• Always confirm any financial transaction, whether work-based or personal. Do not click on links in email, rather go directly to known websites for all banking and financial transactions including any donations.

Working from home doesn’t mean you have to feel disconnected from your colleagues. There are lots of tools out there that support the remote worker. Here are just a few:

For video and audio conferencing
• Zoom – Zoom is a top video conferencing app that offers a scalable experience for enterprise users.  
• Skype – A powerful, easily accessible collaboration tool for remote employees.
• Google Hangouts – Google Hangout is a great tool for information sharing and communication.
• WebEx – Cisco WebEx is an enterprise solution for video conferencing, online meetings, screen share and webinars.

For document storage, document sharing and overall collaboration
• Microsoft OneDrive – OneDrive is a cloud storage service from Microsoft that allows you to store all your important files securely in one place and then access them virtually anywhere. OneDrive has additional features, as well, like the ability to share and edit documents.
• G Suite – An integrated suite of secure, cloud-native collaboration and productivity apps powered by Google AI. Includes Gmail, Docs, Drive, Calendar, Meet and more.
• Slack – Slack is a messaging app that brings all your communication together in one place. It offers real-time messaging, archiving and search for modern teams.

Enterprise social networking
• Yammer – Yammer is a software tool that enhances internal corporate communication and networks with external partners.
• Workplace by Facebook – Collaboration tool built on the most popular social network.

Many of these tools have free-to-use options, but like most things, you can unlock a breadth and depth of functionalities with the purchase of a package.

New to working remotely? Here are some helpful tips from some seasoned “remote” veterans to help make your teleworking experience more effective and enjoyable.
Communication is key
•    Skype, Slack, Google Hangout or email. The more you can communicate your status on projects, the better.
•    Consider scheduling weekly or bi-weekly check-ins with folks that you regularly collaborate with, but perhaps you don’t have standing meetings scheduled. Knowing you have that time reserved can be a gamechanger.  
•    Keep your deadlines on any deliverables up-to-date and show a bit of flexibility.
Routine, organization and environment matter
•    Keep your morning routine. Get up, shower, do whatever you would normally do to get ready for your day and use your old commuting time to organize yourself and set your schedule.
•    Use noise-canceling headphones.
•    Get up, go for a short walk, and talk to someone. You don’t sit for eight hours a day in the office in silence. Find an office buddy and check in with them periodically.
Create boundaries
•    When possible, take an actual lunch break, away from your computer.
•    Resist the urge to tackle household chores. Or, if you need to finish up a load of laundry, etc., do it on your ‘lunch break.’
•    Set work hours and, if possible, a separate physical workspace away from your family room/ kitchen/ main living area. Burn-out is real. It’s hard to turn-off when your computer and office are sitting in sight at all times. If you don’t have a separate office, pack up your computer when the day is done.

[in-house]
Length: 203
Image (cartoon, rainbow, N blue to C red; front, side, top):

Don’t forget meeting etiquette
•    Participating in meetings remotely is more difficult than one would think. Be sure to mute your phone when you aren’t addressing the group; shuffling papers by phone speakers, side conversations and colleagues talking on top of each other create a lot of noise and distraction.
•    Meeting organizers, please remember the agenda. Organizing participation is essential to a productive meeting, even a loose agenda is better than nothing (or the dreaded round-robin).

Want some additional resources for making an easy transition to telework? Take a look at these LinkedIn Learning options options, courtesy of Touchstone Energy.

The modem/router in your home distributes Internet access to your wireless devices over a set of wireless standards we refer to as Wi-Fi. There are two frequencies that are used to communicate with wireless gear such as your iPad or Amazon Fire TV Stick, as well as a host of other devices.
The two frequencies each have some strengths and weaknesses. The 2.4 GHz frequency has been available for years and provides good coverage in your home or office. It does a good job penetrating walls and other structural objects, thereby providing coverage in multiple rooms as well as covering areas outside of your home. The speeds that this frequency supports are limited but often adequate for web surfing, watching videos and other basic internet usage. The 5 GHz frequency is a newer frequency that has become generally used as well. Its strength is greater speed. However, it does not penetrate walls nearly as well and therefore offers limited coverage in your home. Also, some older devices may not be compatible with the 5 GHz frequency.
Within these two frequencies are channels that can be utilized by devices to establish a wireless communication path within your home— for example, a security system, Wi-Fi extender, older cordless phone and Direct TV/Dish Network devices. Sometimes multiple devices are attempting to use the same frequency and channel, and you may notice something is causing your device to buffer or take a painfully long time to open web pages. We refer to this as interference. Your devices are interfering with each other and are struggling to operate properly.